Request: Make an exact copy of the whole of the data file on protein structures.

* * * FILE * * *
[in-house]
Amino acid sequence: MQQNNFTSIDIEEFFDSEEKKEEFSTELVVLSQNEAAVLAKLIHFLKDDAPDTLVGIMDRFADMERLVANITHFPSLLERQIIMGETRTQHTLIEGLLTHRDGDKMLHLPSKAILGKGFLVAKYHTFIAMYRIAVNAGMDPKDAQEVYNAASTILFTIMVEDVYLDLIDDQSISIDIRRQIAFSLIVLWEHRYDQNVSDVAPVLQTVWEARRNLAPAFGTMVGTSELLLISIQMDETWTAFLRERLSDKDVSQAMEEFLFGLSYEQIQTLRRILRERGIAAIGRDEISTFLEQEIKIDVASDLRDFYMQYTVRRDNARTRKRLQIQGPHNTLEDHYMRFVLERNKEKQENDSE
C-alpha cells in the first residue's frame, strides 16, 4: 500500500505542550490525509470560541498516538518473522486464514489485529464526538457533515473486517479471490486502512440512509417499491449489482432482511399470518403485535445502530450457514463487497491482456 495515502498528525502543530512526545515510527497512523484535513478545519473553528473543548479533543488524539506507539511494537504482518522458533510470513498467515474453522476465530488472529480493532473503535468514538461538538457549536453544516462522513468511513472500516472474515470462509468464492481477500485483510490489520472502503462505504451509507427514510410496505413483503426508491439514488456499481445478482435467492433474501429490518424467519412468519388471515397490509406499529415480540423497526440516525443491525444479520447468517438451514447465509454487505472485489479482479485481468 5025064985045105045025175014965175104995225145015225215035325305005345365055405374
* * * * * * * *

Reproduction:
[in-house]
Amino acid sequence: MQQNNFTSIDIEEFFDSEEKKEEFSTELVVLSQNEAAVLAKLIHFLKDDAPDTLVGIMDRFADMERLVANITHFPSLLERQIIMGETRTQHTLIEGLLTHRDGDKMLHLPSKAILGKGFLVAKYHTFIAMYRIAVNAGMDPKDAQEVYNAASTILFTIMVEDVYLDLIDDQSISIDIRRQIAFSLIVLWEHRYDQNVSDVAPVLQTVWEARRNLAPAFGTMVGTSELLLISIQMDETWTAFLRERLSDKDVSQAMEEFLFGLSYEQIQTLRRILRERGIAAIGRDEISTFLEQEIKIDVASDLRDFYMQYTVRRDNARTRKRLQIQGPHNTLEDHYMRFVLERNKEKQENDSE
C-alpha cells in the first residue's frame, strides 16, 4: 500500500505542550490525509470560541498516538518473522486464514489485529464526538457533515473486517479471490486502512440512509417499491449489482432482511399470518403485535445502530450457514463487497491482456 495515502498528525502543530512526545515510527497512523484535513478545519473553528473543548479533543488524539506507539511494537504482518522458533510470513498467515474453522476465530488472529480493532473503535468514538461538538457549536453544516462522513468511513472500516472474515470462509468464492481477500485483510490489520472502503462505504451509507427514510410496505413483503426508491439514488456499481445478482435467492433474501429490518424467519412468519388471515397490509406499529415480540423497526440516525443491525444479520447468517438451514447465509454487505472485489479482479485481468 5025064985045105045025175014965175104995225145015225215035325305005345365055405374